the clam pizza's at Domenica at HH seemed devine. I too am thinking reconsidering our dining reservation there as so much NO food. Then again we will be eating so much NOLA foods at the FQF and maybe a pizza may be craved

              1. re: pikawicca

                Insane? NOLA was the second largest port of entry for Italian immigrants in the late 19th/early 20th century....we have an entire sub-genre of Creole Italian cooking in NOLA. Until gentrification began in the French Quarter in the second half of the 20th century, it was largely an Italian slum area. The Quarter is still home to St. Mary's (Italian) church, the official Italian church of the archdiocese.

                Restaurants like Mandina's, Liuzza's, Casamento's, Mosca's, and Pascale's Manale attest to the importance of Italian influences in local cooking. The iconic muffaletta is an Italian sandwich, for pete's sake.

                1. re: Hungry Celeste

                  All of this said, I still think we'll skip Domenica's lovely-sounding menu in favor of more local fare. Anything else in the vicinity of the Roosevelt we should not miss? Where would you all recommend I buy my son his first shrimp po'boy? And pralines - we've been raving about them to our kids for years, but the last and best that we bought were from a lady selling them on the sidewalk, and that was years ago. Any strong reccos for pralines?

                  And I'm delighted to report that 13 y.o. has embraced the jacket idea - I think he is getting into the spirit of it all.

                  1. re: Splendid Spatula

                    A half block from the Roosevelt is MiLa. The menu changes with what is fresh some of the apps stay because of demand.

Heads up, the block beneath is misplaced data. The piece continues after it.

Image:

1. re: Splendid Spatula

                      He will certainly be more comfortable in a jacket. The regulars will appreciate it, too.

                      1. re: hazelhurst

                        Just wait till he figures out that you can get away with all sorts of bad behavior while wearing a jacket that'd you'd be called out on otherwise. (Witness the entire banking industry.) I set a school on fire -- accidentally -- while wearing a jacket and tie and hardly even got a talking to.

                        I know little about children, however, it seems like a snoball would be a nice addition to the food roster. My favorites are Hansen's and Piety St. but neither are easily walkable. I've been hearing good things about Imperial Woodpecker in the CBD though which is pretty close by.

                        1. re: montuori

                          Ha! That is a funny story.

                          Snoball, absolutely! Thanks for that tip.

                      2. re: Splendid Spatula

                        I like Southern Candymakers, 1010 Decatur and Pralines by Jean, 1728 St Charles Ave.

                        1. re: Splendid Spatula

                          Johnny's in the quarter has about 50 poboys on the menu, and most of the time the shrimp is pretty good.

                          1. re: kibbles

                            I liked Johnny's Poboys for breakfast/lunch - more than JUST poboys, you can please lotsa folks.